1. In the real battle British Generals French and Hamilton displayed unusual common sense by insisting all the infantry maintain extended order to minimise casualties. Rule: British troops are not subject to the bunching rule and remain in extended order throughout the game.
2. At this early stage of the war officers still displayed obvious signs of rank making them easy targets for Boer marksmen. Rule: Officers become casualties from rifle fire on a die roll of 1, 2 or 3 (rather than the normal 1 or 2). This rule does not apply to the Imperial Light Horse.
3. In the actual battle, the British flanking force advancing along the hill became held up by barbed wire fences near the farm. Rule: It takes a whole turn for a unit to cross the barbed wire fence, during this turn the unit will count as being in close order if fired upon.
4. There was an infamous event during the battle when Boers waved a white flag then opened fire on the British as they moved up to accept the surrender. Rule: Once during the game a Boer unit within 12” of a British unit may wave a white flag (at the start of the turn), the British must move forward 6” and then receive full fire from the Boers without retaliation (all pin markers are removed from the British unit prior to movement).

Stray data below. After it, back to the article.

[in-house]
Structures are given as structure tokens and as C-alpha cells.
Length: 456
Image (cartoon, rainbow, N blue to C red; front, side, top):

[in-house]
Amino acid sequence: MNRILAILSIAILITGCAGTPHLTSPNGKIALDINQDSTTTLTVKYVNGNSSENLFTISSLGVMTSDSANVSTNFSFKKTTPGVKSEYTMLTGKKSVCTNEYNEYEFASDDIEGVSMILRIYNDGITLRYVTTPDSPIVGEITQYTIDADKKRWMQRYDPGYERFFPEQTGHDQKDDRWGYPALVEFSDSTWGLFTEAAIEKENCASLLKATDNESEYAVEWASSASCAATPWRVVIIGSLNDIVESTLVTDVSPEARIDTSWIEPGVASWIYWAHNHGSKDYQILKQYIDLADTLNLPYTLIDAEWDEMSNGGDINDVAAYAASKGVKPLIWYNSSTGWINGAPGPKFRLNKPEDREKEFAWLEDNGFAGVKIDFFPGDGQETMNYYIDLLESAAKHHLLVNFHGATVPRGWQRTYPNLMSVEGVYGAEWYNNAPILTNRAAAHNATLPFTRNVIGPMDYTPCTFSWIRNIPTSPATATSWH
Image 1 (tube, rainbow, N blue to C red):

5. The Imperial Light Horse were awarded two Victoria Cross medals for their gallantry during the battle. Rule: The Imperial Light Horse do not receive PINs in this game.
6. The 5th Lancers famously charged the retreating Boers at the end of the battle inflicting many casualties. Rule: All fleeing Boers must exit the table to the left, the 5th Lancers may charge these (provided they are within 15”) without making the usual Melee die roll. If contacted the Boers are eliminated.
Order of Battle
British C-in-C Major General French
Imperial Light Horse
2 x Batteries Royal Field Artillery
Boer C-in-C Commandant Kock
If the Boers have not been defeated by the end of turn 12 the game ends in a British defeat.